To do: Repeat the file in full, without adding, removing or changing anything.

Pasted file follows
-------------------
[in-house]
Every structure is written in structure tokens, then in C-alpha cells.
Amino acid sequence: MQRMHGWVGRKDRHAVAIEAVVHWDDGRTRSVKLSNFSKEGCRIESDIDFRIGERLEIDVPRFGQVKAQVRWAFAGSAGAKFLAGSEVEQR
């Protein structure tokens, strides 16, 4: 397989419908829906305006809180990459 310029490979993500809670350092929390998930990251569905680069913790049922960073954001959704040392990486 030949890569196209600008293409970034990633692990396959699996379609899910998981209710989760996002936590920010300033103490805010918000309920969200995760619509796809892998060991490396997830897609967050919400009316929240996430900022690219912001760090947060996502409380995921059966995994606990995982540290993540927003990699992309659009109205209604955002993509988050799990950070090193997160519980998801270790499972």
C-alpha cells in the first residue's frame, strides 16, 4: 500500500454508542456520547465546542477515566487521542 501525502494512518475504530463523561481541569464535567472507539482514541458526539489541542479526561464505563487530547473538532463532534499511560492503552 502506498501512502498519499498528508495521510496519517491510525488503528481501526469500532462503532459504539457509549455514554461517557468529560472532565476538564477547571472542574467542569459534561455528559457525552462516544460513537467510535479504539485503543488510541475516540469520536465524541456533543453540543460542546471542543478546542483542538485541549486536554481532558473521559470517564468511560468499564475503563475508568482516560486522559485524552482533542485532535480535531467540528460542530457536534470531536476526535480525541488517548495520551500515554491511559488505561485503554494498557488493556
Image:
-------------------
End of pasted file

[in-house]
Every structure is written in structure tokens, then in C-alpha cells.
Amino acid sequence: MQRMHGWVGRKDRHAVAIEAVVHWDDGRTRSVKLSNFSKEGCRIESDIDFRIGERLEIDVPRFGQVKAQVRWAFAGSAGAKFLAGSEVEQR
């Protein structure tokens, strides 16, 4: 397989419908829906305006809180990459 310029490979993500809670350092929390998930990251569905680069913790049922960073954001959704040392990486 030949890569196209600008293409970034990633692990396959699996379609899910998981209710989760996002936590920010300033103490805010918000309920969200995760619509796809892998060991490396997830897609967050919400009316929240996430900022690219912001760090947060996502409380995921059966995994606990995982540290993540927003990699992309659009109205209604955002993509988050799990950070090193997160519980998801270790499972």
C-alpha cells in the first residue's frame, strides 16, 4: 500500500454508542456520547465546542477515566487521542 501525502494512518475504530463523561481541569464535567472507539482514541458526539489541542479526561464505563487530547473538532463532534499511560492503552 502506498501512502498519499498528508495521510496519517491510525488503528481501526469500532462503532459504539457509549455514554461517557468529560472532565476538564477547571472542574467542569459534561455528559457525552462516544460513537467510535479504539485503543488510541475516540469520536465524541456533543453540543460542546471542543478546542483542538485541549486536554481532558473521559470517564468511560468499564475503563475508568482516560486522559485524552482533542485532535480535531467540528460542530457536534470531536476526535480525541488517548495520551500515554491511559488505561485503554494498557488493556
Image: